THE Supreme Court and the other courts are free in the state but not free from the state. This means that from the perspective of international law, courts in Pakistan, including the Supreme Court, are viewed as subsets of the state, and therefore their decisions are taken as acts of the state.

The judgements and orders passed by the judicial organ of the state have repercussions under international law — both positive and negative. Court judgements become an indication of the international position of the executive arm of government on a certain issue.

For example, the Supreme Court judgement in the Zewar Khan case, reaffirming the status of the Durand Line as the Pak-Afghan international border, is a judicial reflection of the position taken by the state itself before international forums. Pakistan refers to this case whenever doubts are raised about the sanctity of the Durand Line.

Another case decided by the Azad Jammu & Kashmir Supreme Court makes some significant comments about the legal linkage of the Northern Areas (now Gilgit-Baltistan) with the remaining territories of Pakistan. This case has important legal implications in the context of the Kashmir issue for Pakistan.

Court verdicts are often viewed as the state’s position.

The Dalmia Cement international arbitration determined that the 1965 conflict/war between India and Pakistan did not qualify to be legally referred to as a ‘war’ as all bilateral treaties and diplomatic ties between the two states remained intact. It concluded that the hostilities had the legal status of an international ‘armed conflict’ which has different implications under international law.

The judgements of superior courts also have effect under private international law. For example, the Hubco case related to international arbitration, decided by the Supreme Court, became a somewhat embarrassing case study in international commercial circles. More recently, the Reko Diq case decided by the Supreme Court became supportive of Pakistan’s position before the International Chambers of Commerce and that is how it is being pleaded. In another commercial dispute by a foreign investor, a judgement by the Supreme Court in the Karkey matter (in which a Turkish vessel was detained pursuant to court orders) has been challenged before the ICSID, that settles investment disputes. The Supreme Court has been extensively criticised by the claimant.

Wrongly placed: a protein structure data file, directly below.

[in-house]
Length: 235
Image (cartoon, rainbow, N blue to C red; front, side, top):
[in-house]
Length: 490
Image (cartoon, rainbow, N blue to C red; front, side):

In security matters, the context of international law is even more important. It is now maintained by various academics that intervention can be made in another state if the said state is unable or unwilling to control terrorism or prevent human rights abuses or fails to check the threat of proliferation of WMDs. This means that for a case to be made on this account, judicial decisions handed down by the courts regarding various conflict zones in Pakistan will have serious repercussions.

One approach that the courts can adopt to balance accountability with national security interest is to hold in-camera hearings of such matters. The result of open hearings in such cases is that judicial orders now are being reproduced in UN documents and referred to and relied upon while criticising Pakistan.

Some academics view events in Fata/Pata as a non-international armed conflict — a position being contested by the Foreign Office. The orders of the high courts and the Supreme Court as a result of these petitions filed internally and pertaining to these conflict zones, will have international legal implications in this context as well. Without realising, the court may end up determining the legal character of the conflict that may well be contradicting the diplomatic positions taken by Pakistan.

As stated at the outset, the courts are indeed free inside the state but internationally, their verdicts, orders and observations are viewed as acts of the state since they are an integral arm of the state. Under the international law of state responsibility, present and future governments need to bear the burden of such orders and judgements.

It is also in this context that although the courts may be right in acquitting terrorists on account of lack of evidence, the fact remains that in doing so they inadvertently document the state’s inability to bring to justice those who attack it.

Thus each acquittal order becomes an indictment of the weak criminal justice system. The government and judiciary need to recognise this. If relief is granted by the court to any person who is linked with any of the 400-plus entities sanctioned under UN Security Council Resolution 1267, the state of Pakistan will be viewed as failing to perform its obligations under international law to counter terrorism.

It is, therefore, in the fitness of things for the federal government to render appropriate assistance to the judiciary on the international legal implications of its judgements and observations.

The writer was formerly federal law minister in the 2013 caretaker set-up.



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